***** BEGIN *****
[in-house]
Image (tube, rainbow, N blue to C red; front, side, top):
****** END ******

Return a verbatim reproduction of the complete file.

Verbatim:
[in-house]
Image (tube, rainbow, N blue to C red; front, side, top):